The land and marine iguanas of the Galapagos Islands are famous. Well, the marine iguanas are famous, and the land iguanas, representing the ancestral state for that clade of two species, deserve a lot of credit as well. The story of these iguanas is integral with, and parallel to, the story of the Galapagos Islands, and of course, that story is key in our understanding of and pedagogy of evolutionary biology, and Darwin’s history. Continue reading One Iguana Two Iguanas: Children’s evolutionary biology book, with lizards!
In order to make such a momentous decision, I insist that you learn the very interesting evolutionary biology behind it.
Start with this paragraph:
But for modern medical science, a baby’s sex would remain unknown until birth. But many mothers today know long beforehand whether a baby will be male or female. Routine ultrasound scans reveal fetal genitals a third of the way through pregnancy, and genetic tests identify sex even earlier. Yet basic questions remain. Is a baby’s sex like coin tossing, or can the male:female ratio be skewed? If sex bias occurs, does it happen through sperm sorting before fertilization or mortality differences in the womb after conception?
Then, CLICK HERE to read the rest of the story, by Robert Martin, expert on such things.
Model I birds, the kind that lived during the Age of the Other Dinosaurs, may not have brooded their eggs. Today, birds sit on their eggs in such a way that the adult bird’s down surrounds the ovoids, and warmth from the adult can keep the eggs at a constant temperature. Depending on the bird, you may find additional intersting adaptaitons. For example, Penguins use their own feet as a nest, placing the egg there. One adult broods the egg for a long period (days, in some species) and then swaps with the other adult, with the swapping being very ritualized in some cases. Like this egg swqap between parent Adelie penguins (Tip: this video does not show the actual swap): Continue reading The Early Bird Crushes The Egg
A Taste for the Beautiful: The Evolution of Attraction is a popular science book written by an actual expert on the field, addressing the ways in which the world of animals is shaped by sexual selection.
One of Darwin’s major contributions to the panoply of theoretical and observational work we call “evolution” was to recognize, describe, and model sexual selection. Continue reading Sexual Selection Up To Date: A Taste for the Beautiful
Quotes by Charles Darwin are not just the stuff of memes. Even the fake quotes. They can be the center of long arguments, or at least, they can significantly augment the arguments. For example, did you know that while Darwin never used the term “missing link” he did talk about missing links quite a bit, missing links are central to his thinking about evolution, and all those writers of today who claim that we must never speak of missing links are misguided? Continue reading Darwin Quotes, Assembled
Origins of Darwin’s Evolution: Solving the Species Puzzle Through Time and Place by J. David Archibald does something that not enough studies of Darwin’s work do: Get off the island. Continue reading Origins of Darwin’s Evolution: Solving the Species Puzzle Through Time and Place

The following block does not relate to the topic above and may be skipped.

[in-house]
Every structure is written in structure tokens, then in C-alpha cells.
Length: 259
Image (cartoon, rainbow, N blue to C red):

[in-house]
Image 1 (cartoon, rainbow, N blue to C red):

This is fun. From the New Mexico Museum of Natural History and Science, the press release for a recent fossil naming: Continue reading Horseshoe Crab Fossil named after Darth Vader
Every single regular reader of this blog has read or intends to read Stephen Jay Gould’s The Panda’s Thumb: More Reflections in Natural History. I just noticed that the Kindle version of it is available for $1.99, and I assume this is temporary. I already had the book on dead-tree matter, but I picked this up because ebooks are searchable! You will want one two.
Every single regular reader of this blog SHOULD want to read, or should have already read, Mary Doria Russell’s excellent binary set including The Sparrow: A Novel and Children of God. (The Sparrow is first, COG second.)
Right now, and I assume very temporarily, The Sparrow is also avaialble for $1.99.
A quick word about the Sparrow series. It has been classified as science fiction. Others have said, no, it is not science fiction, it is philosophy and spirituality. A lot of church groups read it because of its religious meaning and implications.
That is really funny because there isn’t a drop of religiosity in this series. There is a priest, but it is a priest mainly operating in a post-religion world. This series is primarily anthropology fiction, which happens to be set in a science fiction theme, and if anything, it deconstructs the central role of religious institutions and makes them look as potentially lame and potentially nefarious and as potentially impotent as the other institutions. Or, really, as products of human behavior as anthropologists understand it, the outcome of a mix of self interested behavior, bonding or revulsion, racism and in-group vs. out-group thinking, the power of institutions, ritual, tradition, class, and exploitation. Set, of course, in the background of co-evolution of morphology of predator and prey. There is also a linguistic theme addressing meaning creation (or lack there of: ouch), development of mind and behavior, language learning, and so on.
You have to read them, and now you can get one of them for two bucks! (Unfortunately COG seems regular price.)
Let me add this too, just noticed it, could be of interest for two bucks: The Science of Star Wars: The Scientific Facts Behind the Force, Space Travel, and More!.
From whence the humble chicken? Gallus gallus is a domesticated chicken-like bird (thus, the name “chicken”) that originates in southeast Asia. Ever since Darwin we’ve known that the chicken originated in southeast Asia, although the exact details of which one or more of several possible jungle fowls is the primal form has been debated. The idea that more than one wild species contributed to the early chicken has been on the table for a long time, though perhaps not as long as the chickens themselves have been on the table